She said that because of the growing Cold War, she had not been allowed to go where she wished during her recent trip to Russia. Her every move had been accompanied by a “guide.” She spoke of the impossibility of talking candidly with people for fear of getting them in trouble. Then she said, “I particularly wanted to see Ludmilla Pavlichenko, whom I knew during the war.” I sat bolt upright. At that moment, Mrs. Roosevelt and I were probably the only two people in that packed room who actually knew Ludmilla Pavlichenko!

Mrs. Roosevelt said she had persisted until finally she was taken up to Ludmilla’s home in Moscow. Because Ludmilla was a revered war heroine, the government had allowed her a two-room apartment. She had remarried and started a new family.

When Mrs. Roosevelt arrived, Ludmilla had greeted her with cool formality. They chatted, then Ludmilla made some excuse to pull Mrs. Roosevelt into the small bedroom and shut the door. Safe, she’d thrown her arms around Mrs. Roosevelt, half-laughing, half-crying, telling her how very happy she was to see her. Then in whispers she asked about the friends she’d made when she traveled around the United States in 1942.

I felt so happy to know that Ludmilla had survived and had a second chance at life (her personal second front?). Mrs. Roosevelt went on to say that someday she would like to give a group of ordinary Russian working women a tour of the United States. After she finished speaking there was clapping, then the official said she had agreed to take a few questions. I hesitated but then I raised my hand. When the official pointed at me I rose and said how very glad 1 was to hear about Ludmilla and how very lucky I felt to be here on this particular night to be able to hear about her. I knew I had to have some question, so I asked the only one that occurred to me. “Mrs. Roosevelt, if you of all people had trouble even getting to see Ludmilla, and if Ludmilla had to take you into the bed- room and shut the door, then whisper to talk to you, how could any group of ordinary Russian women ever be able to talk openly about what they saw here in the United States?”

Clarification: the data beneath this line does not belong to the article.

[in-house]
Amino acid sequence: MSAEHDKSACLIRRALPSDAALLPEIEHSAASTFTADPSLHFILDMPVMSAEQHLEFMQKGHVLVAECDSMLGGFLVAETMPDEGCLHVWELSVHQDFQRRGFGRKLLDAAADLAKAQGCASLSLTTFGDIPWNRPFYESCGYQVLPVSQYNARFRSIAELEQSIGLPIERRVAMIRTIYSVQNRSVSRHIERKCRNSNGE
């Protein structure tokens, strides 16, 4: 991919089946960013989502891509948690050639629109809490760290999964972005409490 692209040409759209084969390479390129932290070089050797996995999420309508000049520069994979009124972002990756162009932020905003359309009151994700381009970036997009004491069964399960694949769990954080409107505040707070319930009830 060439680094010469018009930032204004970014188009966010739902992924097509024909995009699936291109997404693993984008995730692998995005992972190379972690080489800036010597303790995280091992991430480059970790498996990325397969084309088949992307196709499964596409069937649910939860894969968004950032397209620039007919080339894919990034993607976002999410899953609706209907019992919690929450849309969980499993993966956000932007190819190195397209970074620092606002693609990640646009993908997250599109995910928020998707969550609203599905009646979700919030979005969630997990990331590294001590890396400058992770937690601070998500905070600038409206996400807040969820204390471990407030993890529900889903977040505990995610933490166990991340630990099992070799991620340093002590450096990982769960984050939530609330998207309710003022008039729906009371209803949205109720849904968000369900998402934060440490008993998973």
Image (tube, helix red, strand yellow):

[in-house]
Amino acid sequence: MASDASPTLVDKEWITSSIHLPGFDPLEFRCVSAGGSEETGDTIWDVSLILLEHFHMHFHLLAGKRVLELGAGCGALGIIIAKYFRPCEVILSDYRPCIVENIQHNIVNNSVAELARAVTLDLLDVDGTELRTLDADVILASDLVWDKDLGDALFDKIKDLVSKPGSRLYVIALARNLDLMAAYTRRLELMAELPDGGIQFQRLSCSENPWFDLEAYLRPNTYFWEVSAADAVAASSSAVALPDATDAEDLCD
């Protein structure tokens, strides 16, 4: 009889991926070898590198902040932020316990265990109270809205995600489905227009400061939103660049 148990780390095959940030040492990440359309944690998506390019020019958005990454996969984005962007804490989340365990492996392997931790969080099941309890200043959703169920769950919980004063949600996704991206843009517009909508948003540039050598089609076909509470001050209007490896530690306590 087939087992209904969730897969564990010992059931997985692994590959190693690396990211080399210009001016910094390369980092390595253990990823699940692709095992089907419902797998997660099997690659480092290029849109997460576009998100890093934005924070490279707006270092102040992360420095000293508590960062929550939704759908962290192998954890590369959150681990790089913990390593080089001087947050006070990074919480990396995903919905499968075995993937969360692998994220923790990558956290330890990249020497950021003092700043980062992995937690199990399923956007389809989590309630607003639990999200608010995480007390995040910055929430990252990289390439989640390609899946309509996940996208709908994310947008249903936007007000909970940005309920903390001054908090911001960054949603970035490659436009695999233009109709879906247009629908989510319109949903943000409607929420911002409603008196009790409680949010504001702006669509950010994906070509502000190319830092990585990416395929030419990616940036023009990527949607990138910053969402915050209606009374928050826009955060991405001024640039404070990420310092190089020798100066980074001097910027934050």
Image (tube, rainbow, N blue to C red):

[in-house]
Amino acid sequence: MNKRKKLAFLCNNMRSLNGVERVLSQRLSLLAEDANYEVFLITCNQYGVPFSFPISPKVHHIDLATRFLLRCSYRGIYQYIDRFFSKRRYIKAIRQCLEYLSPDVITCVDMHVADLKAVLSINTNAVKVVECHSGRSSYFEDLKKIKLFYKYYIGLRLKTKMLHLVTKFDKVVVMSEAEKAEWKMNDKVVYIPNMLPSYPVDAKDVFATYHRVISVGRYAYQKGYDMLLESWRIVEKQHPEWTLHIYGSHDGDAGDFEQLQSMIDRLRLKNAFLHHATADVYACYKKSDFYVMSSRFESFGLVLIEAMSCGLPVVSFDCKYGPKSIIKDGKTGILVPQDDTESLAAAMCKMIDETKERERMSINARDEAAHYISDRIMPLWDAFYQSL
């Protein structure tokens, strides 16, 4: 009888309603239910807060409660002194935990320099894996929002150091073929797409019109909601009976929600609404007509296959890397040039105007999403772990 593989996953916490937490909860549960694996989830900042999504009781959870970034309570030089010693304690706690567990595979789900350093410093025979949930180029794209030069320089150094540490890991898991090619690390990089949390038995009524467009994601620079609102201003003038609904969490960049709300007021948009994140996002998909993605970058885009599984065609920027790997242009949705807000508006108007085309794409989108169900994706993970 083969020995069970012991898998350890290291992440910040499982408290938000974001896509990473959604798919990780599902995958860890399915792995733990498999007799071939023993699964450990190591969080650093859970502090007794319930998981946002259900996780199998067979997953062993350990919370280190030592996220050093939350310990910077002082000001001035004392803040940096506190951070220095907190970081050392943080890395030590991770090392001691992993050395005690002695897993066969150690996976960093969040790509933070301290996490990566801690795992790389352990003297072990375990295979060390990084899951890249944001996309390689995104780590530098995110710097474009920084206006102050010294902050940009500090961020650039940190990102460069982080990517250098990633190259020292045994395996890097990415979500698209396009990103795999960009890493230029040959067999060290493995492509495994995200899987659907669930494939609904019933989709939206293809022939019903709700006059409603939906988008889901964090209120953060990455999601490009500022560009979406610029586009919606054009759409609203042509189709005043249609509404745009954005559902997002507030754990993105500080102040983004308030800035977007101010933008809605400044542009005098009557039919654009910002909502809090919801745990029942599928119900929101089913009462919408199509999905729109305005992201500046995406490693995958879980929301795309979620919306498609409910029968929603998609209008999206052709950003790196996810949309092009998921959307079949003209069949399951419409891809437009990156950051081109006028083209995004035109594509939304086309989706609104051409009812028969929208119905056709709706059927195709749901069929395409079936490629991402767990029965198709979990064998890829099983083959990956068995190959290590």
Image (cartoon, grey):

She cocked her head to one side and then said, “Well, my dear, the word gets out, you know. The word always gets out.”

The word did get out, didn’t it? It took over thirty years, but it certainly got out. But then Mrs. Roosevelt was always ahead of her time!

We hope you enjoy our work.

Please support this magazine of trusted historical writing, now in its 75th year, and the volunteers that sustain it with a donation to American Heritage.

Donate